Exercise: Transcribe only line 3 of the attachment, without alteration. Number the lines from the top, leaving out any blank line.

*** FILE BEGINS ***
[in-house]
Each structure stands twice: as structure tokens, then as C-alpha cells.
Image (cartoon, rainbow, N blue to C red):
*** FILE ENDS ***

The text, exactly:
Image (cartoon, rainbow, N blue to C red):